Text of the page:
Just Test the Air

Caller: "Hello, we want to have our air tested."

High EH&S: "Okay.  What do you want tested?"

Caller: "The air."

High EH&S: "Right, but what would you like us to test for?"

Caller: "Everything.  We have people who are getting sick at work and want to be sure that the air is safe."

This is a typical call that we receive from individuals concerned about an exposure in their facility.  The problem is that we can't test for everything.  And if we did test for everything, the cost would be astronomical.  Of course we are happy to have projects like this, but it really doesn't make sense for our clients to test for everything.  It would be like going to the doctor because you don't feel well and asking for every possible medical test available.  Crazy expensive -- right?

The converse of this call is someone who believes that they have had the air tested for "everything".  This is usually not a call, but a site visit we may be conducting....

High EH&S: "Oh, I see you are using an glue which contains methylene chloride.  Have you had an air quality test completed for this exposure?"

Site Rep: "Sure.  Our insurance company came in and tested the air a number of years ago.  It is all fine."

High EH&S: "Do you have the results of these tests?"

Site Rep: "We can find them"

When these are produced we often find that the chemicals that were sampled may not include the specific contaminants of concern. Additionally, tests performed for just one substance fail to consider the combined effects of all the materials in the workplace.  If substances have similar critical effects they should be considered in combinations.  There is some, but limited information on how exposures to different materials interact inside the human body.  Just because you have the air tested, does not mean that everything has been checked and the air is "safe".  We see this often when emergency response organizations report that they have tested the air and it is clear. Usually these tests are very limited and cover only the very basic parameters. It is important to determine WHAT needs to be sampled and this might even be a different chemical than the original substance.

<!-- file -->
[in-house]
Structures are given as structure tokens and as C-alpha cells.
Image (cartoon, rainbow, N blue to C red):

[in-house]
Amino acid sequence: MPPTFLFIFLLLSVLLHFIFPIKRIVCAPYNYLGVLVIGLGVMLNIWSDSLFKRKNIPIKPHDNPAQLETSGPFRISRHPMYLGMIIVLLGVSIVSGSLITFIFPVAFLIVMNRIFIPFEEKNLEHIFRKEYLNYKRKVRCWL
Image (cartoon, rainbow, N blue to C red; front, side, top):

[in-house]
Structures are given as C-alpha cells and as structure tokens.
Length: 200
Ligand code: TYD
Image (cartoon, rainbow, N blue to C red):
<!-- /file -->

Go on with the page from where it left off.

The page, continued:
If the exposure is complaint based, it often makes sense to start with the complaints.  How many people are affected?  What are their chief complaints? What is the history of the compliant including onset, subsidence cycles?  Has a physician's diagnosis been provided?  Next, by considering the types of complaints which are often not well defined initially by the caller, we are able to determine the most likely contaminants which could lead to the observed complaints.  Statistical analysis of complaints or disease can be considered. Relationships between complaints and exposures can be evaluated.  A facility walk-through survey can provide additional clues as to what may be of concern.  For example, a facility where individuals are processing hot plastics and complaining of burning nose and throats may be an indication of thermal decomposition of the plastic materials into formaldehyde.

These initial steps allow us to evaluate WHAT should be sampled.  There are different methods and techniques used for different applications and conditions.  It is important to determine what sampling methods should be used.  For example, a test for viable fungi, will miss fungal particles which are not viable, but which can still produce hypersensitivity (Type I, II, IV) responses or contain chemical mycotoxins.  If the initial testing comes up empty, then a second level of testing can be performed for those materials which are less likely but still possible.  This process sometimes becomes a bit of a "ghost hunting" exercise as more and more materials are checked off the list, it requires more intuition and insight to attempt to identify a specific source of the expressed concerns. High EH&S brings a multi-faceted approach to really understanding the issues at hand.  We evaluate rather than run in with testing instruments that measure the wrong things and tell you that it is "all clear".  We also don't create issues where none exist.  We provide an objective science-based approach to evaluating the hazards and issues in the workplace.